To my knowledge only 7 prisoners managed to survive their stay. They only survived since they had some skills that were of use to the Khmer Rouge. They could be painters or typewriter mechanics. I met two of the survivors. They are now working at the museum and sells books about their experiences. Apparently they have forgived their tortures, as they also can be seen as victims of the regime. The leader of S21, Duch, has been sentenced to prison for life.

Why is it important for a tourist to visit this museum? Is it a form of macabre curiosity or a fascination by evil?
Instruments of tortureInstruments of tortureInstruments of torture

They did know about waterboarding back then. Incredibly that some countries find it ok to use as of today.
A little like watching a horror movie. We have given some thought to this and reached a conclusion, that there are two main reasons to visit memorials like S21, Auschwitz and the killing fields. Firstly you actually get an unpleasant physical reaction in your stomach when you put your feet on the actually scene of the crime. This is an uncomfortable but necessary feeling to guarantee, that you will fight 100% against any repetition of crimes like these. Secondly it is important to show your respect to the victims of the crimes. They shall never be forgotten.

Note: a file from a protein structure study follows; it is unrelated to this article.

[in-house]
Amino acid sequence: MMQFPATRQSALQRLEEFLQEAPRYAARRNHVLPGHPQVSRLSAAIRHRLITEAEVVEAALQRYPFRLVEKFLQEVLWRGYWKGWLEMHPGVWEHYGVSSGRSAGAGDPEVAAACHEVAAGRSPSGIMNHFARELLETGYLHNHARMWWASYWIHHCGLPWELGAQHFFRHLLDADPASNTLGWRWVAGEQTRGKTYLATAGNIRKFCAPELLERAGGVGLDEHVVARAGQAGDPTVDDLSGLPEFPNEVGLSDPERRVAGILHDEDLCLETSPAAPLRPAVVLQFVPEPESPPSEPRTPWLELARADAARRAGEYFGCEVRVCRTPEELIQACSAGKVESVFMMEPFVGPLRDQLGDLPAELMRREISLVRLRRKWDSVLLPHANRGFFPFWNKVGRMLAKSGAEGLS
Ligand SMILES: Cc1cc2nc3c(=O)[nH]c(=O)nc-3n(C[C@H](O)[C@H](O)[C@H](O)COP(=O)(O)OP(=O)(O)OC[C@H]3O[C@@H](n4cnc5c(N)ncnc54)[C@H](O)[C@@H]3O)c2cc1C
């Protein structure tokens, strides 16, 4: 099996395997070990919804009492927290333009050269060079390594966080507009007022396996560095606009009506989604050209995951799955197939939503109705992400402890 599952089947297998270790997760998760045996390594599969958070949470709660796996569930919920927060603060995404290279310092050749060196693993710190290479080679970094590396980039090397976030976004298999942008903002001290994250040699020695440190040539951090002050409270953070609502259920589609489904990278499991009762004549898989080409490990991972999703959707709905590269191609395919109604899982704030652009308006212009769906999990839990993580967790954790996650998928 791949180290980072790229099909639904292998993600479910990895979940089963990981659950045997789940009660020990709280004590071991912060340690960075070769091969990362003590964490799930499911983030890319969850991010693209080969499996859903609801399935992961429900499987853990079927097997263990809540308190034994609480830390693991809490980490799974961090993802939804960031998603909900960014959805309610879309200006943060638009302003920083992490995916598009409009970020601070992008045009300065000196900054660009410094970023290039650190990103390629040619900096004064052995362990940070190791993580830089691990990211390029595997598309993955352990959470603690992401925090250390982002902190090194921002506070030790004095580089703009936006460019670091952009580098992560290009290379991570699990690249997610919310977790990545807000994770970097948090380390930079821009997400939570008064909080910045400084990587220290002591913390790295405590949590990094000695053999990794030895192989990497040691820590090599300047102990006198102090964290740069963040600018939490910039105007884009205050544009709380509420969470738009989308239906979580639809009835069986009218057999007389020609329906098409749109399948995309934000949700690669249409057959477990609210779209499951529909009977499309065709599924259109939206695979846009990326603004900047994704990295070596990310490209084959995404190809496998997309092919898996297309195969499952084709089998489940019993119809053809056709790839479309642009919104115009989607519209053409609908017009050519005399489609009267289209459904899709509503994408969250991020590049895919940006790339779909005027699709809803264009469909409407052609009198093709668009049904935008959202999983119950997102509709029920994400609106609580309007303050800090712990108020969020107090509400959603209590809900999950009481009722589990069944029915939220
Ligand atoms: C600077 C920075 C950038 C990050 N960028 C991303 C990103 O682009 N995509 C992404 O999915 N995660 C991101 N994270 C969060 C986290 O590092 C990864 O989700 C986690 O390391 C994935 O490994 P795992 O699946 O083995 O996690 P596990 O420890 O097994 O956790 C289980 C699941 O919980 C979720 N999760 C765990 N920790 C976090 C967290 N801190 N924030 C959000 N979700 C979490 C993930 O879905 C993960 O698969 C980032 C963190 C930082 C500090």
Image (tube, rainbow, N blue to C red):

Is a visit to S21 recommendable? It is not a place for everyone, but nevertheless an important chapter in the history of Cambodia.